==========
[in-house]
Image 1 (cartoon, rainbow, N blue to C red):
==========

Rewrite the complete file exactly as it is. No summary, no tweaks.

[in-house]
Image 1 (cartoon, rainbow, N blue to C red):